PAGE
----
·         What types of housing or jobs would be most suitable in parts of the Borough, for example, apartments, smaller houses, offices etc.

·         With reference to all these areas of land promoted for the future development in the Borough, there are also areas where we would promote or would be supported?

 

Responses could be submitted, as I have said earlier, via the online survey, and again we had nearly 1,500 responses from our residents, by filling out a response form, or writing to the Council. The consultation included eight public drop-in events across the Borough, as I said in Winnersh, one in Twyford, one in Wokingham Town etc with the opportunity to talk to Officers.  On some occasions we had over 20 staff there and as I said on most of them, apart from one I was at, to go through the Local Plan process.   

 

The submitted comments, and detailed technical work will inform the next stage of the plan, which will be a public consultation on the Draft Local Plan that we hope to come out this autumn. This will allow all interested parties to submit their comments on the proposed development strategy for the sites for housing, employment, open space and other land uses.

 

Supplementary Question

What exactly are you planning to ask – the questions actually?

 

Supplementary Answer

We have already asked those questions.  If you have been on-line for the ‘Homes for the Future’ consultation we asked most of those questions around: what type of housing; where do you want it; how high do you want to go up; do you want  ...  view the full minutes text for item 5.4

6.

Revenue Monitoring 2018/19 - Outturn pdf icon PDF 263 KB

Additional documents:

Decision:

That:

 

1)        the outturn position of the revenue budget and the level of balances in respect of the General Fund, Housing Revenue Account, Schools Block and the Authority’s investment portfolio be noted;

 

2)        the General Fund carry forward requests of £2,043,820, as set out in Appendix B to the report, be agreed;

 

3)        the significant reduction in the overspend on the general fund revenue account achieved since the last report be noted; substantially this is a result of the continuous improvement work in the Adults’ Social Care and Customer and Localities directorates.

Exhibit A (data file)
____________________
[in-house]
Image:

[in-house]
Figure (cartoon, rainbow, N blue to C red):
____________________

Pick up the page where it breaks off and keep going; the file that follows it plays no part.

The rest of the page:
Minutes:

The Executive considered a report setting out the revenue outturn position for the Council for the 2018/19 financial year.

 

The Executive Member for Finance and Housing informed the meeting that at the outturn position for the General Fund (revenue) was reporting a total spend of £129.03m against a planned budget spend of £128.25m resulting in an adverse variance of £0.78m which was only 0.61% of the total budget.  In relation to the Housing Revenue Account this was showing an adverse balance of £30k; which in comparison with the total budget was relatively small. 

 

Councillor Kaiser advised that the Schools’ Block had a variance of £1.05m which was less than 1% of the total budget of £130m.  This figure included the cost of special needs which increased by over 15% last year. 

 

RESOLVED that:

 

1)        the outturn position of the revenue budget and the level of balances in respect of the General Fund, Housing Revenue Account, Schools Block and the Authority’s investment portfolio be noted;

 

2)        the General Fund carry forward requests of £2,043,820, as set out in Appendix B to the report, be agreed;

 

3)        the significant reduction in the overspend on the general fund revenue account achieved since the last report be noted; substantially this is a result of the continuous improvement work in the Adults’ Social Care and Customer and Localities directorates.

7.

Capital Outturn 2018-19 pdf icon PDF 969 KB

Additional documents:

Decision:

That:

 

1)        the Quarter 4 adjustments to the capital programme, as set out in Appendix C to the report, be approved;

 

2)        the 2018/2019 Capital Outturn, as set out in Appendix A to the report, be noted;

 

3)        the re-profiling of budgets into future financial years, as set out in Appendix B to the report, be approved.

Minutes:

The Executive considered a report setting out the capital programme outturn for 2018/19.

 

The Executive Member for Finance and Housing went through the report and advised that its purpose was to set out the capital programme outturn position for 2018/2019, seek approval for relevant budget carry forwards and demonstrate effective and safe use of the Council’s resources to deliver services. 

 

Councillor Kaiser highlighted that in 2018/19 the Council, against a working budget of £146.5m, had made a total capital investment in services of £132.2m.  It was noted that the underspend of £14.3m was mainly due to a re-appraisal of two schemes and once they had been reviewed a new bid/scheme would be raised, evaluated and if agreed added to the programme. 

 

In addition Members’ attention was drawn to the fact that for the second year running the Council had delivered more capital investment than in any other year of the Council’s history; a large percentage of which related forward funded infrastructure eg roads to improve congestion around the Borough.